Large Succulent Bowl on a pedestal, perhaps more beautiful than ever.

Composed of odds and ends succulents left over from last season, this ensemble has married well.

Aeonium ‘Schwartkop’ was the highlight of this tall river pot.

Syngonium ‘Neon’, an easy and lovely shade foliage plant.

Begonia ‘Chocolate Pink’ with Pilea and Cissus discolor

Peachy Abutilon ‘Harvest Moon’, with the adorable curly Spider Plant and a white Syngonium…great, easy pot for partial shade.

The Chocolate Mimosa Tree, Albizzia ‘Summer Chocolate’, makes a fast growing subject for container, adding height, texture, and dark coloring.

We did a posting of some planted containers in early July. A number of these containers sold, and we hear they still look smashing. As you can see, it’s mostly about foliage. What are your favorite container combinations from this season?

Thoughts on Winter Containers

Cut Greens and Yellow Twig Dogwood

It seems a little late to talk about winter containers but we’ve had such a mild end to autumn here in the northeast, we’ve only just begun to “replant” for the winter season. And you may note that I used “replant” in quotations.  This is because, after years of experimenting, we think many cold climate gardeners are really better off using cut evergreens and twigs over living plants for winter containers.

From a frugal viewpoint, using living plants seems like a wise investment at first. Indeed, a planted Boxwood, Juniper or Holly will carry on well through December and the first part of January in most winters. It’s mid winter conditions that are the problem. We often lack the benefit of consistent snow cover to blanket roots. Dessicating arctic winds are really cruel to evergreens whether planted in or above ground. Water cannot be taken up when the soil is frozen.

Winterberry, Red-Twig Dogwood, and Euphorbia

If you do have your heart set on using live plants, or you have protected spots or live in milder zones, consider using Dwarf Hinoki Cypress (Chamaecyparis obtusa cultivars) or other hardy conifers such as Dwarf Spruce (Picea) and Arborvitae (Thuja), which tend to be hardy through zones 5, and even 4  or 3. We have had great luck with Dwarf Conifers in troughs, and stress we’re successful because we make sure the soil is sharply drained and have protection from wind. It also doesn’t hurt to use an anti-dessicant.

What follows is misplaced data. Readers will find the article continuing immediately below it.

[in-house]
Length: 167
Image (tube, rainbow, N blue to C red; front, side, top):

As far as colorful twigs and branches, thoughts go immediately to the Red and Yellow Twigged Dogwoods (Cornus stolonifera and sanguinea cvs.). These will winter over in pots, but cut material works as well if not better, since one large plant of Twigged Dogwood with many branches would need a rather large container to accomodate its root ball and would be an otherwise underwhelming subject the rest of the year.

Aronia arbutifolia ‘Brillantissima’ with cut greens

There are other options. Consider  planting deciduous plants that are hardy to a zone or two colder than the one you garden in. Since they are deciduous, they do not have to hydrate foliage in winter. This autumn we replanted a large pot using a native plant, Chokeberry a.ka. Aronia arbutifolia ‘Brilliantissima’  for height, fall color and fruit, underplanted with Plectranthus ciliatus and Ivy. For December’s display, we replaced the tender Plectranthus with cut greens and red twig Dogwood, while the Aronia’s dangling red fruit clusters continue to be showy. Our hope is that in early spring the Aronia will bear clusters of white flowers, providing a third season of interest. Since Aronia is hardy to zone 4, (we’re in 6) we expect theres a good chance for that!  (PS..3 years later the Aronia has not only thrived but has needed root pruning and trimming back!)

Other options for deciduous shrubs or small trees that might make good winter container subjects include Witchhazel (Hamamelis) which would provide blossoms in late February, then autumn foliage. Dwarf Columnar Hornbeam, Carpinus betulus Columnaris Nana’   makes a well behaved compact columnar subject that seems to tolerate growing in containers well. It’s too bad that one of our former favorites, Rhamnus frangula ‘Fine Line’ was added to the banned in Massachusetts plant list. It is hardy into zone 3, has great form, texture and size, and for the record, (attention conservationists) we’ve had it on our property for 8 years, and have yet to come across a single seedling.

Have you experimented with multi-season interest plants in your containers? Which ones have worked out well?

Best Containers of 2011

As we approach the end of October, and yet no frost, we decided to take a few photos of container plantings which we are still pretty impressed with. We have set the standards high. The plants needed to be interesting and complimentary to each other, plus the planting had to be easy to care for and look as good, or better, at the end of the season as it did in June.  As you can see, it’s all about the foliage. Which container do you like the best?